The entire idea was sheer madness, of course, but Gerard was hardly going to let that stop him.
Some of the items he’d bought in person, under the pretence of shopping for gifts. For others—the undergarments, for example—he’d taken his own measurements as best he could and ordered from the makers directly, having his purchases delivered to a post office box held under a false name (one he’d originally used for the delivery of books that no respectable shop carried).
This much accomplished on his own, he came to a point where seeking the help of another was no longer avoidable. Gerard briefly considered the upstairs maid, whose silence could perhaps have been bought through loyalty, money, or both, and who would have at least some idea of what she was about. But it didn’t take long to determine that there was only one person he was willing to trust with this.
Michael didn’t seem particularly shocked when Gerard approached him with the idea, but then, Gerard had never seen his younger brother look particularly shocked at anything. He merely looked at Gerard, blinked once or twice, and repeated in a flat tone, “You want me to help you dress up like a woman.”
“It’s the stays in particular I think I’ll need help with,” Gerard told him. “Well, and buttoning the dress, and perhaps the wig.”
Michael raised an eyebrow, his expression unchanging otherwise. “And once I’ve helped wrestle you into a dress and a wig, what exactly are you planning on doing?”
“There’s a masquerade at Vauxhall Gardens,” Gerard said. “Tomorrow—”
“Tomorrow night, I know,” Michael finished, and then sighed, giving a slight shake of his head. “I suppose if you mean to try something like this, a masquerade is the safest place to do it, outside your own bedroom.”
“So you’ll help?” Gerard asked, with cautious hope, and when Michael nodded, he swooped down on his brother and embraced him, planting a kiss on his cheek. “Oh, Michael, thank you.”
Being laced into stays was not the most comfortable experience. Gerard was not precisely portly, but he was given to both infrequent exercise and frequent second or third glasses of wine at dinner, leaving him somewhat soft around the middle. There was a great deal of pinching, some shortness of breath, and more than one inquiry as to whether Michael was sure he was doing this properly (Michael replying that he’d done it in reverse often enough to not be completely at sea, and that if Gerard wanted his help he should accept it without complaint), but once the laces were tied and there was no more tugging, Gerard found the resulting tightness not unbearable, and even somewhat pleasant in a perverse way. There was even room at the chest for two wadded rolls of cloth, giving him a passable illusion of breasts.
After that, putting on the dress was far more enjoyable. The one he’d chosen was a bit old-fashioned, with a style that had declined somewhat in popularity, but that wouldn’t matter so much at a masquerade, and it suited Gerard’s purpose: a high bustline to conceal his lack of any natural endowment, full skirts to mask the shape of his hips, and enough layers of petticoat that he need have no fear of his manhood being discovered. It was a dark lilac in colour, with silver embroidery on the bodice, and the silk rustled appealingly as Michael helped him fasten it, sliding against Gerard’s skin in a way that elicited a delightful shiver.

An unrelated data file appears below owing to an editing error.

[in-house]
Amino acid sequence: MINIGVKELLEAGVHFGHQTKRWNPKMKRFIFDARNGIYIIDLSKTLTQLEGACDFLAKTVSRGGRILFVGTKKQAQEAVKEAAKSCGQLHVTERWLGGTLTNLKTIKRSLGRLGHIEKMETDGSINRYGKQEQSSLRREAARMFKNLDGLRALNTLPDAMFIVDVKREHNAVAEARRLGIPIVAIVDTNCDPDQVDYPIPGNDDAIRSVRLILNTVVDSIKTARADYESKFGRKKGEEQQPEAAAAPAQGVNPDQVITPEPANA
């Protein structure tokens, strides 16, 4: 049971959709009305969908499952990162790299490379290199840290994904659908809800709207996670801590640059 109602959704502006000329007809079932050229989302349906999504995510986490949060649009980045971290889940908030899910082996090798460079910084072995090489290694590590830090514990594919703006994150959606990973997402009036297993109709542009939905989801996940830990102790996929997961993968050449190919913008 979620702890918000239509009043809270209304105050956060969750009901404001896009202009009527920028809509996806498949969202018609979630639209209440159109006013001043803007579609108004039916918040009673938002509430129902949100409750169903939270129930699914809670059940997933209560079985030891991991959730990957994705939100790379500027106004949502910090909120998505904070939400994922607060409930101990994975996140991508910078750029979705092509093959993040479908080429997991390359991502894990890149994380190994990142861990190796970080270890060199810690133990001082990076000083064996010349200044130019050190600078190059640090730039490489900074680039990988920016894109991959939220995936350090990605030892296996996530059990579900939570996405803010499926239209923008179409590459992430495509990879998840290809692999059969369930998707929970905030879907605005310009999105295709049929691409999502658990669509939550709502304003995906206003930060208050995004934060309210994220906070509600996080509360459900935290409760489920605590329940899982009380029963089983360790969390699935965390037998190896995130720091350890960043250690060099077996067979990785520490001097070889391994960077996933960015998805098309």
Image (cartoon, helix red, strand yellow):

Michael had him turn in a circle to make sure of the fit, and smiled wryly. “You would make a very pretty sister,” he allowed after a moment. “I should have to keep all your suitors in line.”
Gerard grinned at that, and then gathered his skirts up to step into the high-heeled shoes.
“Are you going to be able to manage those?” Michael asked, looking a bit dubious.
“I’ve practiced walking in them,” Gerard said. “Dancing may be a different matter, but then, I doubt I’ll do very much of that.”
The cosmetics were by far the easiest part, Gerard having obtained them well before the rest and taken some time to practice. A light sweep of rouge over his cheekbones, a dusting of powder that matched the dress in colour on his eyelids, and dark red over his lips. Michael ended up doing most of the work putting the wig on, Gerard simply reaching up to steady it now and then and handing Michael more hairpins whenever he asked.
The final touches were a simple band of dark silk around Gerard’s throat, a silver bracelet on his wrist (one that had belonged to their grandmother, taken from her room by Gerard more for sentimental reasons than because he’d ever planned to wear it himself), and a delicate half-mask that he’d painted to match the dress and the jewellery, tied behind his ears with a ribbon and then secured with a few extra pins.
Standing in front of his mirror to examine the total effect, Gerard barely recognised himself, which he supposed meant that he ought to be able to go unrecognised by any acquaintances he might encounter.
“Have you given any thought to how you’re going to get out of the house in that costume?” Michael asked.
Gerard had, as it happened. “You’re going to get the servants to leave the back stairwell empty for a few minutes, and I’m going to go down and then call a coach across the street.”